keiths Still Proud to be an Ignorant Asshole

keiths, just shut up. Obviously you are just a drooling moron.
Let A = all nonnegative positive even integers
Let B = all positive odd integers
Let C = all nonnegative integers
It is obvious that A + B = C
It is also obvious that neither A nor B = 0. And the equation proves that a does not = C and B does not = C. Yet Cantor sez A=B=C, and you morons bought it!
If cardinality refers to the number of elements in a set, and we add elements to a set, how can the cardinality stay the same?
keiths, just shut up. Obviously you are just a drooling moron.
You insist that {1,2,3,…} is twice as large as {2,4,6,…}. If so, then it should be impossible to set up a onetoone correspondence between them, because the smaller set should run out of elements before the larger one does.LoL! Just cuz you say so! No keiths. The first set will have 2x the elements as the second set FOREVER for infinity.
Yet the mapping F(n) = 2n works just fine, with neither set running out of elements. For every n in {1,2,3,…} there is a 2n in {2,4,6,…}. No leftovers.LoL! Your 2n "mapping" proves my claim you moron. If the first set was not twice as large as the second then you could not use 2n. The fact that it is 2x larger is exemplified by 2n.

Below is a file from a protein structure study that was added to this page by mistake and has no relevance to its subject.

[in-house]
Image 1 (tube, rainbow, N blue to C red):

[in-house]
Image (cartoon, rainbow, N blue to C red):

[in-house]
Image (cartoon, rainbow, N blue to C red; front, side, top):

Let A = all nonnegative positive even integers
Let B = all positive odd integers
Let C = all nonnegative integers
It is obvious that A + B = C
It is also obvious that neither A nor B = 0. And the equation proves that a does not = C and B does not = C. Yet Cantor sez A=B=C, and you morons bought it!
If cardinality refers to the number of elements in a set, and we add elements to a set, how can the cardinality stay the same?
1 Comments:
At 2:00 AM, Unknown said…
"If cardinality refers to the number of elements in a set, and we add elements to a set, how can the cardinality stay the same?"
You don't understand infinity.
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